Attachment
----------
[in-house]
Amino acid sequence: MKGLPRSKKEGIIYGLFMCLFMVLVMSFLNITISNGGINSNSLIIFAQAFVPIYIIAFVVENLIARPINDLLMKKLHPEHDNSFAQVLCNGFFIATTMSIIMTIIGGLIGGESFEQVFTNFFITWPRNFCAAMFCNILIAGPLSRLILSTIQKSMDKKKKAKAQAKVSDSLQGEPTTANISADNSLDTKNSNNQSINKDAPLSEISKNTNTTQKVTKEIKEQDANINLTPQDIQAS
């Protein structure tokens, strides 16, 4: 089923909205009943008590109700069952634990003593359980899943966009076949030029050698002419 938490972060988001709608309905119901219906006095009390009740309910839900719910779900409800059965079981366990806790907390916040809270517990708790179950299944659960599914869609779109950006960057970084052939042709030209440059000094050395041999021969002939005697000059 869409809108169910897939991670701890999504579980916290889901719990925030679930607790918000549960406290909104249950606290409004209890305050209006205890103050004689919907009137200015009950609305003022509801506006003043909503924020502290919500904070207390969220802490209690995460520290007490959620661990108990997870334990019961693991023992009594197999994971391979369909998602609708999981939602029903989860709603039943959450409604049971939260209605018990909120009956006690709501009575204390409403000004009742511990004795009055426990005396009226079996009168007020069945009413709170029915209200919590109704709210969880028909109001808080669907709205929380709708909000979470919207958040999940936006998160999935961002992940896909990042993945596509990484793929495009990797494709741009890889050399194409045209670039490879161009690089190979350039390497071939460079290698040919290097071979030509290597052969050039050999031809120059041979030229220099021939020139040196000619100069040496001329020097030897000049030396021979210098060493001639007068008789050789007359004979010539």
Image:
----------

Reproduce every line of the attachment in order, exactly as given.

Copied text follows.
[in-house]
Amino acid sequence: MKGLPRSKKEGIIYGLFMCLFMVLVMSFLNITISNGGINSNSLIIFAQAFVPIYIIAFVVENLIARPINDLLMKKLHPEHDNSFAQVLCNGFFIATTMSIIMTIIGGLIGGESFEQVFTNFFITWPRNFCAAMFCNILIAGPLSRLILSTIQKSMDKKKKAKAQAKVSDSLQGEPTTANISADNSLDTKNSNNQSINKDAPLSEISKNTNTTQKVTKEIKEQDANINLTPQDIQAS
């Protein structure tokens, strides 16, 4: 089923909205009943008590109700069952634990003593359980899943966009076949030029050698002419 938490972060988001709608309905119901219906006095009390009740309910839900719910779900409800059965079981366990806790907390916040809270517990708790179950299944659960599914869609779109950006960057970084052939042709030209440059000094050395041999021969002939005697000059 869409809108169910897939991670701890999504579980916290889901719990925030679930607790918000549960406290909104249950606290409004209890305050209006205890103050004689919907009137200015009950609305003022509801506006003043909503924020502290919500904070207390969220802490209690995460520290007490959620661990108990997870334990019961693991023992009594197999994971391979369909998602609708999981939602029903989860709603039943959450409604049971939260209605018990909120009956006690709501009575204390409403000004009742511990004795009055426990005396009226079996009168007020069945009413709170029915209200919590109704709210969880028909109001808080669907709205929380709708909000979470919207958040999940936006998160999935961002992940896909990042993945596509990484793929495009990797494709741009890889050399194409045209670039490879161009690089190979350039390497071939460079290698040919290097071979030509290597052969050039050999031809120059041979030229220099021939020139040196000619100069040496001329020097030897000049030396021979210098060493001639007068008789050789007359004979010539």
Image: